The blueberry holds special significance for Indigenous people in Canada. Blueberries have always been a good, healthy, and reliable food source, an important part of a wholesome diet. But they’re more than only a food source - generation after generation of First Nation people have come together at traditional blueberry picking grounds: they’re a place where friendships are nourished, culture is passed down, and heritage remembered. A connection to Mother Earth. At Boyle Street, each staff member of our interdisciplinary dens was gifted a beautiful blueberry pin at the October launch of our interdisciplinary model of care. These pins were commissioned by us and crafted by Minnie*, an Indigenous artist connected to our community. They carry a message of resilience, unity, new beginnings, and moving forward – perfectly matching the interdisciplinary model’s essence.
Our interdisciplinary dens are a core part of our work and reflect our commitment to integrated, holistic, wraparound care. In this model, professionals from various disciplines—social workers, nurses, cultural support workers, and others—come together to form a collaborative unit. This team addresses the complex, multifaceted needs of each individual we serve, offering tailored, comprehensive support. Daniel Ricard, an Adult Support Worker for one of the dens, shared about the dens’ impacts: “We are often the first person to build those relationships with our community members and really try to facilitate relationship building with others.
Obviously, a key component is really focusing on those immediate emergency needs: shelter and housing, making sure they have food security, things like their physical health. But a lot of that takes time. And so, luckily, that provides opportunity to look at those other activities outside of that, that often get missed – making sure people have purpose, making sure people are building connections, making sure people have a connection to culture …”
These impacts extend to his own day-to-day work and approach:
“Now that we have a team who shares that caseload ... It also makes it easy to take time off, we can take deep breaths ... I can step away and still have an entire team here that can support people while I'm gone and they can pick up right where I've left off, so that's huge.”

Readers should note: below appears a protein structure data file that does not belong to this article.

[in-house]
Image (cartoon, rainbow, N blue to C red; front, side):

The impacts that Daniel describes resonate deeply with the spirit of the holiday season. This time of year, marked by giving and receiving, finds a perfect emblem in these pins – a reminder of our interconnectedness and the gift of coming together as a community. They embody the spirit of giving – not just in material terms, but in the sharing of knowledge, compassion, and time. Our staff bear a message of resilience, continual support, and shared journeys where we walk alongside each other.
In the spirit of the holiday season, we invite you to join us in this journey of shared growth and resilience. Whether through donating, volunteering, or simply spreading awareness, your involvement makes a profound impact. Check out our Ways to Give page to find out more. Together, we can continue to build a community of support and understanding, one where the spirit of giving is present throughout the year.
The blueberry pins symbolize our enduring commitment to the community we serve – a symbol of new beginnings, of hope, and of the unbreakable bonds that form the foundation of our work. Daniel sums up the essence of these pins and our mission, “The idea [of the blueberry pins] was that this was a totally new way of working for us. And so it was a gift with the intention of highlighting new beginnings for us, for Boyle Street, and for the community, and to do good work with that in mind.”
* Minnie often sells her art at our Artist Markets. The next Artist Market is Tuesday, December 5th, from 11AM-2PM in the lobby at EPCOR Tower.